Boy Scout Six & Twenty District Spring Camporee
Friday afternoon low hanging gray clouds occasionally spit rain as they skirted low across the sky. Nine Boy Scout Troops moved down a muddy trail onto W & J Brock Farm and set-up their campsite for the 2005 Six & Twenty District Spring Camporee.
By special invitation, the Scouts were camping adjacent to the re-enactment of the Battle of Anderson, a three day event recreating one of the last battles of the America Civil War.
The field, off Troy Murdock Road in southern Anderson County, had being transformed into a dichotomy of time; modern cars and SUV’s on surrounding roads indicated the 21st Century yet inside the pasture fence time rolled back 1865. Men and women, in period dress and authentic uniforms, were living under conditions that mirrored those endured by 19th Century field armies. Huddled near their campfires trying to stay out of the wind, warm and dry, they were on short rations; the only thing in abundance was mud.
For the Scouts, Friday night brought little good sleep. Unlike the re-enactors, the Scouts were using modern camping equipment, tents that did not leak, warm sleeping bags instead of tattered wool bed rolls, and propane lanterns and stoves; things unheard of in 1865. No, the sleepless night was caused more by excitement for the next day’s events and the sound of the wind and the restless horses of the Union Calvary corralled nearby.
Saturday dawned with leaded skies but by 9:00 AM the sun had broken through, turning the day into a bright clear South Carolina day; if you could avoid the mud. After breakfast the Scouts made a short walk across several hundred yards of pasture and 140 years to the Union and Confederate encampments where, like all armies, the soldiers invited the youngsters into camp to share food and camaraderie.
Although the boys had little interest in salt pork and hard tack, they were enthralled by the soldiers stories of life during the last war fought on American soil. Each of the re-enactors they met had painstaking recreated the persona of the Civil War period. Some represented an actual person; for others, it was a generalization to represent all members of a specific unit, yet each person had meticulously researched and was accurately presenting their chosen slice of the 1860’s.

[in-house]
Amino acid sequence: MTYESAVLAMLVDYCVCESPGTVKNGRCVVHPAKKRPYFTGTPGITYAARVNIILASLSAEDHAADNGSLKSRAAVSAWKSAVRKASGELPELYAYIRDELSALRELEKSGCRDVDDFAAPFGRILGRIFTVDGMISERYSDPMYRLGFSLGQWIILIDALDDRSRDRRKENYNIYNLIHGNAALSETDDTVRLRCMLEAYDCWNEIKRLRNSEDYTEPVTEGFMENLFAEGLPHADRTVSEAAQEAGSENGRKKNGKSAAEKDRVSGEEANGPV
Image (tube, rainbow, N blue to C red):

The Scouts then watched as the different units present for the battle re-enactment were drilled by their officers prior to the morning parade. It was after the morning assembly that the Scouts became less spectators and more participants.
It was about this time a Corporal drilling 20th South Carolina Volunteers realized that the Scouts represented a potential source of new recruits to aid in repulsing of the Union Army’s expected attack on Anderson.
The Corporal assembled a number of Scouts and gave them a rousing speech about “protecting their homeland from the northern aggressors!” He appealed to their “love of hearth and home” and asked for volunteers. The entire group “enlisted" on the spot.
As time was of the essences, training began immediately.
It was soon learned by the Scouts that salt pork and hard tack was not the worst of the 19th century soldier’s lot. Carrying the twenty pound Enfield rifle and associated gear, wearing the ruff cut and scratchy wool uniforms, long cross country marches, harsh field conditions and no effective medical care would soon take what ever visions of glory seen by the young recruits and replace them with the realities of one of America’s bloodiest wars.
The battle re-enactment Saturday ended with a memorial service for all American veterans, a concept brought to sharper focus by the fact that two of the re-enactors not present this year had fallen in our country’s war on terror.
Perhaps that is the most important lesson taught over the camporee weekend: that the concept of “duty, honor and country” represented by the Civil War re-enactors is still present today. And that is not a bad thing.